Most predictions were spot-on, including those in Gadget (see our preview here), thanks to a series of leaks so large, they competed with the hole an iceberg made in the Titanic.

The big surprise was that there was a big surprise. While it was widely expected that Samsung would announce a foldable phone, few predicted what would emerge from that announcement. About the only thing that was guessed right was the name: Galaxy Fold.

The real surprise was the versatility of the foldable phone, and the fact that units were available at the launch. During the Johannesburg event, at which the San Francisco launch was streamed live, small groups of media took turns to enter a private Fold viewing area where photos were banned, personal phones had to be handed in, and the Fold could be tried out under close supervision.

The first impression is of a compact smartphone with a relatively small screen on the front – it measures 4.6-inches – and a second layer of phone at the back. With a click of a button, the phone folds out to reveal a 7.3-inch inside screen – the equivalent of a mini tablet.

The fold itself is based on a sophisticated hinge design that probably took more engineering than the foldable display. The result is a large screen with no visible seam.

The device introduces the concept of “app continuity”, which means an app can be opened on the front and, in mid-use, if the handset is folded open, continue on the inside from where the user left off on the front. The difference is that the app will the have far more space for viewing or other activity.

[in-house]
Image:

Click here to read about the app experience on the inside of the Fold.

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Password managers don’t protect you from hackers

Using a password manager to protect yourself online? Research reveals serious weaknesses…

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Top password manager products have fundamental flaws that expose the data they are designed to protect, rendering them no more secure than saving passwords in a text file, according to a new study by researchers at Independent Security Evaluators (ISE).

“100 percent of the products that ISE analyzed failed to provide the security to safeguard a user’s passwords as advertised,” says ISE CEO Stephen Bono. “Although password managers provide some utility for storing login/passwords and limit password reuse, these applications are a vulnerable target for the mass collection of this data through malicious hacking campaigns.”

In the new report titled “Under the Hood of Secrets Management,” ISE researchers revealed serious weaknesses with top password managers: 1Password, Dashlane, KeePass and LastPass.  ISE examined the underlying functionality of these products on Windows 10 to understand how users’ secrets are stored even when the password manager is locked. More than 60 million individuals 93,000 businesses worldwide rely on password managers. Click here for a copy of the report.

Password managers are marketed as a solution to eliminate the security risks of storing passwords or secrets for applications and browsers in plain text documents. Having previously examined these and other password managers, ISE researchers expected an improved level of security standards preventing malicious credential extraction. Instead ISE found just the opposite. 

Click here to read the findings from the report.